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Tuesday, June 17, 2008

Sticker Shock. Not!

I've been following the rash of gas-related posts on U.S.-based blogs as people begin to see prices cresting the $4 per gallon mark at their local fill-up stop.

Far be it from me to call anyone provincial (being somewhat provincial myself), but I feel the need to offer some much needed perspective on this issue:

Here in Israel, average take home salaries tend to be anywhere from 25% to 35% of the average U.S. take home salary.  Please note that I didn't say 25% to 35% less than U.S. salaries.  You read that correctly... I intentionally wrote that. apples-to-apples, an Israeli doing the same job as an American will likely take home 65% - 75% less in his or her pay envelope.

With that in mind, take a gander at our gas prices:

If you shop around you can find stations selling cheap unleaded gas for about 6.6 NIS (Shekels) per liter.

(Diesel, which used to be kept artificially lower than gas to appease the taxi and truck drivers, has crept up over the past couple of years and now costs even more than gas!)

There are 3.7483 liters to a gallon so that means the price of a gallon of gas here is 24.74 NIS

At the current exchange rate of 3.44 Shekels to the Dollar (or .29 dollars to the Shekel if you prefer), Israelis are shelling out about $7.17 USD per gallon at the pumps!   

Yes, I know we have socialized medicine here and our public school system does away with the need to waste money on day school tuition.  I am also aware that it costs less than $3,000 per year to send our kids to the best Israeli Universities.    If you think about it, all that makes sense in light of our paltry average take-home salaries.

But it hurts just a little hearing my American friends complaining about paying $4 a gallon for gas when I sometimes pour 10% of my take home pay into my gas tank.

A little perspective is all I'm saying.

Posted by David Bogner on June 17, 2008 | Permalink

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It took me a couple of months of living here, but one day as I was waiting for the car to fill-up, I mentally calculated what the price of gas was per gallon. When I realized it was about 7 dollars, I was sorry I did manage to figure it out. Now I just don't think about it.

Sometimes denial is necessary.

Posted by: Baila | Jun 17, 2008 1:17:52 PM

I've been buying gas 200 NS of gas at a time lately. . . that way, I don't have to hear the guy tell me it was 350 NS (roughly $100) to fill my tank (actually my debit card will only let me buy that much at a time, but I think I prefer it that way)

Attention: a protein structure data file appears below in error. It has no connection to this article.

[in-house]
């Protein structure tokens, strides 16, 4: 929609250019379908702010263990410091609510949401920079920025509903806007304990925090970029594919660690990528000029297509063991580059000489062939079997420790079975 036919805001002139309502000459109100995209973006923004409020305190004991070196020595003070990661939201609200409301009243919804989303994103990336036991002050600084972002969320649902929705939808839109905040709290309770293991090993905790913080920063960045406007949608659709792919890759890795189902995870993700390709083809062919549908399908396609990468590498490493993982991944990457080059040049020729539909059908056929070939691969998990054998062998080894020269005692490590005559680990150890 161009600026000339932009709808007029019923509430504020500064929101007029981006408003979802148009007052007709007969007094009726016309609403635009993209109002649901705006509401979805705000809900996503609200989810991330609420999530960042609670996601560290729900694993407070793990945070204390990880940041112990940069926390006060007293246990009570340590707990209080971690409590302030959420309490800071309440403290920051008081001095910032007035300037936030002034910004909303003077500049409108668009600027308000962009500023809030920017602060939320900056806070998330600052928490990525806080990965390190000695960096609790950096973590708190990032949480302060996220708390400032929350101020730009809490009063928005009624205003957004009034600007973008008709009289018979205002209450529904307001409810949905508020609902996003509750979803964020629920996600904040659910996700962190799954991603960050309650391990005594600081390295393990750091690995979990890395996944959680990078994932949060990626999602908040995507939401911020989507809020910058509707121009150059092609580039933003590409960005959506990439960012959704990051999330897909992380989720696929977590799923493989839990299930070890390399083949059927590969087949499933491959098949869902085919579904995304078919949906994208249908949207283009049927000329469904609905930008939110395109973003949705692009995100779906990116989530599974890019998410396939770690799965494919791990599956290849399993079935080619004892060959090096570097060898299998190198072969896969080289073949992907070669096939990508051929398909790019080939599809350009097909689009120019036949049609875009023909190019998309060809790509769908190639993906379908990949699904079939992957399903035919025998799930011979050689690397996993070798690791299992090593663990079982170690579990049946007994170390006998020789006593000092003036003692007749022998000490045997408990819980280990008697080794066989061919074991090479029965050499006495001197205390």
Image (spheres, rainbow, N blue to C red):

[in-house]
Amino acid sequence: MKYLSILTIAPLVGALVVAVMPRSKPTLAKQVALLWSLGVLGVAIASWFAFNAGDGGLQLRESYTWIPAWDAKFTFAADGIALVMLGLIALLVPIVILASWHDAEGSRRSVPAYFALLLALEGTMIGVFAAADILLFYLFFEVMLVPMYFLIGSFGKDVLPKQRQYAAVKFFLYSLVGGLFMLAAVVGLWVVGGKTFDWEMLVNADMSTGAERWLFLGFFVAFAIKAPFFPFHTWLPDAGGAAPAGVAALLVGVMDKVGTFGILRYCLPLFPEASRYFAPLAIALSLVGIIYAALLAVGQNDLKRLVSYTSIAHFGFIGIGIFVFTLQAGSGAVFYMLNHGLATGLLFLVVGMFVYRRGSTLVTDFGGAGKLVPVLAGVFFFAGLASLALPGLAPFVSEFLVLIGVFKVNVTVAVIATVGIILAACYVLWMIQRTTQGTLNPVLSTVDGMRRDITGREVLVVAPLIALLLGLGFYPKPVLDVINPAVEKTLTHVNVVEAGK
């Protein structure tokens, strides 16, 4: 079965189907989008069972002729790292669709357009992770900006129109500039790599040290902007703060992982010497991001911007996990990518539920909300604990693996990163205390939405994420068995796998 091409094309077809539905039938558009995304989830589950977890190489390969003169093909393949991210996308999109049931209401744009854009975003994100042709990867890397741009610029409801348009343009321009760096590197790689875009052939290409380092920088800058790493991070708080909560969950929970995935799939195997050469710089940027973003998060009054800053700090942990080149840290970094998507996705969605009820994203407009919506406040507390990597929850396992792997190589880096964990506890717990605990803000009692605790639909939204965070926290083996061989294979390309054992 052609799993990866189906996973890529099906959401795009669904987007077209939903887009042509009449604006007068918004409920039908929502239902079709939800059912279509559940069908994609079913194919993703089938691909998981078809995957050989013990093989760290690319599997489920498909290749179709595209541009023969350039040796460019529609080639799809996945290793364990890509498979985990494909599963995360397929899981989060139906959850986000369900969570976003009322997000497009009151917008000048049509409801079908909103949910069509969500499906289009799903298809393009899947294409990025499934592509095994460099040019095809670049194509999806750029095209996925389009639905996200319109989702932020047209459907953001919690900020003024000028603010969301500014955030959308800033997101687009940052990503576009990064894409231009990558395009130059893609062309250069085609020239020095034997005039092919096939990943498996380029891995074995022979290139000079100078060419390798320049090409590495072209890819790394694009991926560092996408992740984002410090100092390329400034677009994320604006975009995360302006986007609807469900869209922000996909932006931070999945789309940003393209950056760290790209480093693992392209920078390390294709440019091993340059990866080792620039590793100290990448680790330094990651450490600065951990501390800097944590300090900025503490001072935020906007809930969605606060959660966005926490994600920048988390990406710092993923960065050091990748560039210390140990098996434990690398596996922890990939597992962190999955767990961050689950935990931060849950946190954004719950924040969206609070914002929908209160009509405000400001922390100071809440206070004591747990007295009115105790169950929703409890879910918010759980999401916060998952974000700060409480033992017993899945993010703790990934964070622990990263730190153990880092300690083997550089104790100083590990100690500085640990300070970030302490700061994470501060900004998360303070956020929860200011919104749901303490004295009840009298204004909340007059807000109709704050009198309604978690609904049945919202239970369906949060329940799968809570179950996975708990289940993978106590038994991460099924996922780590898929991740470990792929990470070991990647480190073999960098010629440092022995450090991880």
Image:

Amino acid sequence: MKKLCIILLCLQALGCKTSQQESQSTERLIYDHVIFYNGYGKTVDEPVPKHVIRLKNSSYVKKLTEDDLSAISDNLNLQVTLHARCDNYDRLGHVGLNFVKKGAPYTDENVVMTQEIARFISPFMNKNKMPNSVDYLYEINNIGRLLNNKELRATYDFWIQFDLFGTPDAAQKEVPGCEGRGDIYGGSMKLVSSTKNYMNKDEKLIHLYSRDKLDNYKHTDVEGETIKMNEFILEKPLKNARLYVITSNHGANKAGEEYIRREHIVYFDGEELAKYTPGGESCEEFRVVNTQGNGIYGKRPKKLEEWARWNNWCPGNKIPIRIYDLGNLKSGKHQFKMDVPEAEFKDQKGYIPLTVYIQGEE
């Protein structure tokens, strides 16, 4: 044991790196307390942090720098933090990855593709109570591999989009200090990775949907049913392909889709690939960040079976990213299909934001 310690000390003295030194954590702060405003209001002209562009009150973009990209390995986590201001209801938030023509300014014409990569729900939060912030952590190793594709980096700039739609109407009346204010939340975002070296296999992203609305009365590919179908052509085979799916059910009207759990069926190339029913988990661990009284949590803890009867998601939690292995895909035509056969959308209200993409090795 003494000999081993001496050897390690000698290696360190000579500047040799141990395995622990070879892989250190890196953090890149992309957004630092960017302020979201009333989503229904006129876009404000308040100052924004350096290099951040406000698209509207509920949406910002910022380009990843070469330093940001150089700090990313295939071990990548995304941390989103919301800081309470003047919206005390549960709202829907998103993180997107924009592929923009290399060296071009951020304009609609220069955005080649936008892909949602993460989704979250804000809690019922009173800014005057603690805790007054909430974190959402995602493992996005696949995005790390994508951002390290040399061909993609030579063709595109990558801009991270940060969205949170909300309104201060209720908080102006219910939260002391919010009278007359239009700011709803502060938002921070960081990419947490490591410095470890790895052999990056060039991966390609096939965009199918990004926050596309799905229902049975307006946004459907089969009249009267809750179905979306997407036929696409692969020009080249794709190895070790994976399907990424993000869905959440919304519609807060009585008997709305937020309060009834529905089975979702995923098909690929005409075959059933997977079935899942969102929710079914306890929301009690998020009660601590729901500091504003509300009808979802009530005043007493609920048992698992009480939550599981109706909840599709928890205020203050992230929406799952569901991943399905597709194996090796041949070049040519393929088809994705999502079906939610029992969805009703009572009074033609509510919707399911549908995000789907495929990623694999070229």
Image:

Posted by: Rachel | Jun 17, 2008 2:02:52 PM

You'll probably hear the old song now of how Americans drive many more miles to get to work or to meet their friends for a pie and a cup of coffee etc. etc. And how everyone simply depends on their car. Humbug.

Diesel here, btw., is as expensive as unleaded gasoline, which is pretty ridiculous, and we pay as much as 1.48 Euro per liter for unleaded. It came around 1,20 Euro one year ago.

Posted by: a | Jun 17, 2008 2:11:16 PM

So why doesn't everyone drive hybrids or ride scooters?
Myself I ride a scooter to work, apart from the days when I do it by bicycle, and we upgraded our family car to stick-shift as you get more mileage.
Don't forget to keep tyres fully inflated, and take off roof-racks when not in use.
(Don't thank me....)

Posted by: asher | Jun 17, 2008 2:18:03 PM

Baila... Thinking is definitely not recommended here. :-)

Rachel... One of the big no nos of the immigrant process is continuing to think in dollars. You earn in shekels... think in shekels. It still hurts, but at least you feel no poorer than any other Israeli.

a. ... Wow, that's $8.50 a gallon! But at least you guys are earning a respectable (by our meager standards) European salary.

asher... Thanks for the reminder about my roof racks. I've been meaning to take them off. I'd love a scooter or motorcycle but my wife won't let me get one until we can afford to up my life insurance coverage. Our car is a stick shift transmission and diesel. Since I drive long distances every week to work the significantly higher fuel economy for the diesel engine has paid off very nicely (I get about 15 kilometers to the liter).

Posted by: treppenwitz | Jun 17, 2008 2:45:02 PM